Personal finance class to become graduation requirement at Arrowhead High School

NOW: Personal finance class to become graduation requirement at Arrowhead High School

HARTLAND, Wis. (CBS 58) --- Students at Arrowhead High School will soon be required to take a personal finance class to graduate.

The school board has been considering the proposal and is expected to make it official this week. The new policy would combine two existing financial literacy classes that are currently optional.

One of those classes is "Dollars and Sense," an introductory level course on money management for freshman and sophomore students. The other class is "Personal Finance" and is a deeper dive and more advanced level course covering saving, investing, and more for older students.

Again, the new policy would combine those two classes into a brand-new semester long course requirement for graduation offered to juniors and seniors. The new class will teach students a wide range of topics that will at some point impact them personally. 

Course Topics:

Employee Pay and Benefits

Savings and Banking



Understanding Credit

FAFSA/College Loans



Other important topics will be covered as well, such as how to buy a car, house, finding an apartment, and budgeting for grocery shopping.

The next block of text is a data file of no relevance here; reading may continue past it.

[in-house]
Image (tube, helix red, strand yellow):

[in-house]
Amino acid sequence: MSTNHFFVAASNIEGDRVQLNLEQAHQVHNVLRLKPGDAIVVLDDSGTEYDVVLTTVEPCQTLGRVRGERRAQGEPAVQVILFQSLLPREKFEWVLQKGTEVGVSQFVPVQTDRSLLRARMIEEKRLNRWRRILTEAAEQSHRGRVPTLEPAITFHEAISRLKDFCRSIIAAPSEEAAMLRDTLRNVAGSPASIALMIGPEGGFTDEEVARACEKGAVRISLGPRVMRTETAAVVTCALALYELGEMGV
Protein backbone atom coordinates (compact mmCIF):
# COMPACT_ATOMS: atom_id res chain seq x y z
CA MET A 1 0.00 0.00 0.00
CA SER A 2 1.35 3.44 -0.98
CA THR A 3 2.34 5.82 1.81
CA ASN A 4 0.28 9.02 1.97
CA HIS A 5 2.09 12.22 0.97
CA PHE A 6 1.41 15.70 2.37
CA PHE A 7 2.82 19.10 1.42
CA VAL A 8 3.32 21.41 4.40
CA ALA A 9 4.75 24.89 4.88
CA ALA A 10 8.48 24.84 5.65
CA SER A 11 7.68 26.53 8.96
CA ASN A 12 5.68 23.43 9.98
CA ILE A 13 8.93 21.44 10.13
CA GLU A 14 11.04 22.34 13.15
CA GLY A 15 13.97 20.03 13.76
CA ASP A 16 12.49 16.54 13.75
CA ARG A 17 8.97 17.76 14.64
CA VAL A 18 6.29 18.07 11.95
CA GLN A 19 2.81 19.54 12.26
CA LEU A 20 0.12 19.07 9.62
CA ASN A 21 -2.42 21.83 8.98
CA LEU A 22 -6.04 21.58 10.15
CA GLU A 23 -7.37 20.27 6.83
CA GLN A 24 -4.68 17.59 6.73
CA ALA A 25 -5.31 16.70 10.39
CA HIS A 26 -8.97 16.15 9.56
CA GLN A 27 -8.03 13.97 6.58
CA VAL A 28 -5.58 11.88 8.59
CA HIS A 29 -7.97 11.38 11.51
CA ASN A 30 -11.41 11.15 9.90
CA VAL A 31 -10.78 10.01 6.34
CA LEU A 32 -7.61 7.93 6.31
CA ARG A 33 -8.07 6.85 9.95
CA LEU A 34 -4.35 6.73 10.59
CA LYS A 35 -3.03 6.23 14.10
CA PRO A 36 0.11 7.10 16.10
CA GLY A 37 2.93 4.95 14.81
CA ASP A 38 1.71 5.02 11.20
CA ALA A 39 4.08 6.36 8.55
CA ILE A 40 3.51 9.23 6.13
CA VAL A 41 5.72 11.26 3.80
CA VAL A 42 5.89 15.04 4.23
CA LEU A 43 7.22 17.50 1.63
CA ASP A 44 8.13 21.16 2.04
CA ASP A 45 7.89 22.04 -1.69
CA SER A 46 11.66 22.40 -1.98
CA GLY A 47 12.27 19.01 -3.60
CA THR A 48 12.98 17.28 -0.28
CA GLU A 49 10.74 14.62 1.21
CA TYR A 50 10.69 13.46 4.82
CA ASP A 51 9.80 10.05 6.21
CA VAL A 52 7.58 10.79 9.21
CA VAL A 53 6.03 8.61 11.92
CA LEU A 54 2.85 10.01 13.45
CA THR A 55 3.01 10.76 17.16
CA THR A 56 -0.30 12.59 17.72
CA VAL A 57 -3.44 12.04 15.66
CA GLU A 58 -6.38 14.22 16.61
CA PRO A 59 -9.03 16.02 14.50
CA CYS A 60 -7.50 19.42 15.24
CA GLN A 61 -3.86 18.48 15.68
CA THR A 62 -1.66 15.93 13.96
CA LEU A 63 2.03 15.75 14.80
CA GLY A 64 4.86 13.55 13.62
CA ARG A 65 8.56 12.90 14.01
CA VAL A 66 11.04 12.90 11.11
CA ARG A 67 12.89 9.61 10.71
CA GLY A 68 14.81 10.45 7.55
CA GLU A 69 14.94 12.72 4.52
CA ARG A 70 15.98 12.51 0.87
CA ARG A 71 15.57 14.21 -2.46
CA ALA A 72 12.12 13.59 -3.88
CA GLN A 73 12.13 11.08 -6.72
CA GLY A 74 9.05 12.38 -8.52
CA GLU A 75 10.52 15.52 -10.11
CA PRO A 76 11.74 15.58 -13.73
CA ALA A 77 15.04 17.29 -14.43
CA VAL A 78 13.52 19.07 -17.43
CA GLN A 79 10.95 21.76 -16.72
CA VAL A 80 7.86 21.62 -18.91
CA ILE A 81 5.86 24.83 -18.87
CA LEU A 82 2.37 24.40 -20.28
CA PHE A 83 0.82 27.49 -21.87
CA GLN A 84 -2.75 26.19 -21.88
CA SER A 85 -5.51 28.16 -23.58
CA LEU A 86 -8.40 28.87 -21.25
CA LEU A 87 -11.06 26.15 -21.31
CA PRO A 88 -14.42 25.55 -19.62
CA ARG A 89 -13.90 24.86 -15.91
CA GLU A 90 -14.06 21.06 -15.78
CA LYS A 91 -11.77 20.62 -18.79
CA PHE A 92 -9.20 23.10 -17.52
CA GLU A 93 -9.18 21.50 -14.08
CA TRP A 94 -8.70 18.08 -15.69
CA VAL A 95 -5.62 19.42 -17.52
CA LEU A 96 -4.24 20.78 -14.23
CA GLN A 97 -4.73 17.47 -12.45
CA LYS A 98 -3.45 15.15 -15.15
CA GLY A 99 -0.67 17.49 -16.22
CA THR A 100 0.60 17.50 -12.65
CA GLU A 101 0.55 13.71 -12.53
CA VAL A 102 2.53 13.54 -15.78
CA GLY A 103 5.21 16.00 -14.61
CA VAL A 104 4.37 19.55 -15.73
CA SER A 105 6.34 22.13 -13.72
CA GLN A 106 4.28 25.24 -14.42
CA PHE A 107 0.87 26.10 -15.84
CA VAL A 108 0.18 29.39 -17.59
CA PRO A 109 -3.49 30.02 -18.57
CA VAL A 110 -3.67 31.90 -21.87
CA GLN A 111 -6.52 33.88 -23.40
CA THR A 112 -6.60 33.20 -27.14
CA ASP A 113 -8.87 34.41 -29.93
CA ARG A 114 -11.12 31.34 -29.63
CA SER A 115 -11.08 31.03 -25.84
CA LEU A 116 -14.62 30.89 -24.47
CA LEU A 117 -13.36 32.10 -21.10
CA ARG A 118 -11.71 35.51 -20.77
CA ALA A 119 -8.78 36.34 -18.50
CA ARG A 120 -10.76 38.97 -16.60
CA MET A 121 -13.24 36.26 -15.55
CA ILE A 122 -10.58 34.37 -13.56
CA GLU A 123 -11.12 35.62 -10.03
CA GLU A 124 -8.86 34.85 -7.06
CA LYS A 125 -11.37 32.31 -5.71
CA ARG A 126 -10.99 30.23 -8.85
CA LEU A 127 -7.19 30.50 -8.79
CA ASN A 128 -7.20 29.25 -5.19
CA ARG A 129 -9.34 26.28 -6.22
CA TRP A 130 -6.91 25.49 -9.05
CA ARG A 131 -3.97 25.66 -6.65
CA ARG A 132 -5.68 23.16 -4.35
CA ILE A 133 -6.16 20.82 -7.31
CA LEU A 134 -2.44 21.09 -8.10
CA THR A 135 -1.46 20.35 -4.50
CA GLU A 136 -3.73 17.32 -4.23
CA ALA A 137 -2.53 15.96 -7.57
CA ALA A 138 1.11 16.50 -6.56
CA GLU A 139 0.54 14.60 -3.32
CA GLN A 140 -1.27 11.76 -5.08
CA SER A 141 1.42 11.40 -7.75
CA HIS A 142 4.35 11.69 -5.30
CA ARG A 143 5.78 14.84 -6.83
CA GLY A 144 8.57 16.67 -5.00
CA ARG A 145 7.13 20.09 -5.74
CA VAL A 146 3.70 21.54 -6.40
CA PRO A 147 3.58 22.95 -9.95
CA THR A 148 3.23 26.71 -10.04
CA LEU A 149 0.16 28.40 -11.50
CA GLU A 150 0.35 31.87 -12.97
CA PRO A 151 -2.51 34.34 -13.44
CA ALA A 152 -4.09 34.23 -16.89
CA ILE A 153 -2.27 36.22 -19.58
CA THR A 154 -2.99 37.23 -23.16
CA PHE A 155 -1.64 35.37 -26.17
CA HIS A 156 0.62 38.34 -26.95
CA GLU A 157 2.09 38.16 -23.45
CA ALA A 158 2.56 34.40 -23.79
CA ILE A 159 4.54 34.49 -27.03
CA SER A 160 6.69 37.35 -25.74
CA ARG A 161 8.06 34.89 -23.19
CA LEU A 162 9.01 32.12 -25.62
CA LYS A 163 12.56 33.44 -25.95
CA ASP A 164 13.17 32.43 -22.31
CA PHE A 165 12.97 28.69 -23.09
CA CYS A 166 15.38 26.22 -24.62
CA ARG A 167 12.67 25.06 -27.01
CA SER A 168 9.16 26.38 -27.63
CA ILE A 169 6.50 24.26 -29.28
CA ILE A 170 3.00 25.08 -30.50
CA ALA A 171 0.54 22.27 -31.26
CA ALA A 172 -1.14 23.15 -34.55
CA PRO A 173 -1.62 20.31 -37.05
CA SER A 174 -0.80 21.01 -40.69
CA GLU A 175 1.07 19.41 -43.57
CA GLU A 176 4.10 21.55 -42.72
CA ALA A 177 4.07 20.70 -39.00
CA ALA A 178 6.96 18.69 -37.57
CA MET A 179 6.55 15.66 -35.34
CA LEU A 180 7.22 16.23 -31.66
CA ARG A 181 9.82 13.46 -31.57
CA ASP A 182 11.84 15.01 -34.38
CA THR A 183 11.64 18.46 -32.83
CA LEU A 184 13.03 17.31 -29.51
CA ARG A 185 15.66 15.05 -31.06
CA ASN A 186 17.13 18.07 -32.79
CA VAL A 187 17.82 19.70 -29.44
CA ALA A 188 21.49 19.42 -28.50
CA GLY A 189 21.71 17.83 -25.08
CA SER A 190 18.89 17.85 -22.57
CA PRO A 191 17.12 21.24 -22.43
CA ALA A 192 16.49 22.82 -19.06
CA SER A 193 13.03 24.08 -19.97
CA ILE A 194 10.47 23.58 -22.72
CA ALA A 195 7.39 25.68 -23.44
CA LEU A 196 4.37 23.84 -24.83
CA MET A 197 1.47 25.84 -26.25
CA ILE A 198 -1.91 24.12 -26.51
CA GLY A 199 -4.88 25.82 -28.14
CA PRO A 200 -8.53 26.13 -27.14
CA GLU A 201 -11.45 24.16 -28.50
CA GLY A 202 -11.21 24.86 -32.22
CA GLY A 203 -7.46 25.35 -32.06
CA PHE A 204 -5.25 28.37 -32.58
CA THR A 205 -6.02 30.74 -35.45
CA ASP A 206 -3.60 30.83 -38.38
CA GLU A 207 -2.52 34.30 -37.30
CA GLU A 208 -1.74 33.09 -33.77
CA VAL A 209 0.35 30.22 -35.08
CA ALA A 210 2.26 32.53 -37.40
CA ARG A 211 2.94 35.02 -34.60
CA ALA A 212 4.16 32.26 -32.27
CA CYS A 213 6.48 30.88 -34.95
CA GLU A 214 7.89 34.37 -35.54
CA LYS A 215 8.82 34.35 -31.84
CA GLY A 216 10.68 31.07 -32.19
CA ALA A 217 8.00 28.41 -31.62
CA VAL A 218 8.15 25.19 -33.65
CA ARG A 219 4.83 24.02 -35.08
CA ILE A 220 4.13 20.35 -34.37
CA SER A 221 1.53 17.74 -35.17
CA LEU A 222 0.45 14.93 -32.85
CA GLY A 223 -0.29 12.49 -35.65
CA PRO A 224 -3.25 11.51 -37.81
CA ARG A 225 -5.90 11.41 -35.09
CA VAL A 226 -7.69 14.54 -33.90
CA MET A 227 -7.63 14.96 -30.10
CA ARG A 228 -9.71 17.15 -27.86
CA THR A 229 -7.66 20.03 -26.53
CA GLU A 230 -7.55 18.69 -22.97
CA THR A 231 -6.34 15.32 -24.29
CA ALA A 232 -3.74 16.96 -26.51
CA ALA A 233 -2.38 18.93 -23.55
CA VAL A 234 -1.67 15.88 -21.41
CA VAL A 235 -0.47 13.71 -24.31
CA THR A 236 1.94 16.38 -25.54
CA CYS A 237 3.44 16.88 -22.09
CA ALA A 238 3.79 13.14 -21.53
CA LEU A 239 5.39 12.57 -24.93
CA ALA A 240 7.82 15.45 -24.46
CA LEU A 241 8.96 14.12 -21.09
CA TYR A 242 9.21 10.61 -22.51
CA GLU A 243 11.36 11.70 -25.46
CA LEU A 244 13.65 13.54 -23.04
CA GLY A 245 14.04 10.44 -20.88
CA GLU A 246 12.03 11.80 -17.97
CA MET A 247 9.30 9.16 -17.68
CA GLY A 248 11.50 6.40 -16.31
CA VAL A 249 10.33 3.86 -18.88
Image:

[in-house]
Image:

"We've tracked data that about 85% of students already take some sort of financial literacy class…. but it isn't personal, so I do think with the personal finance aspect they can learn about those broader economic concepts but still relate it to themselves," said Sue Casetta, Director of Learning at Arrowhead High School.

Jana Danay is a Business and Information Technology teacher at the school and says although her students come into personal finance class with different levels of knowledge, there's something for everyone to learn.

"I don't think any parent in our district would say that personal finance isn't important," said Danay. Covering all the topics in one semester could be a challenge but the benefits of introducing these concepts are hopeful.

Once the school board officially passes the course requirement, it will apply to the next incoming freshman class. Several other area school districts already require personal finance to graduate, and a bill soon headed to Governor Evers' desk will impact students statewide.

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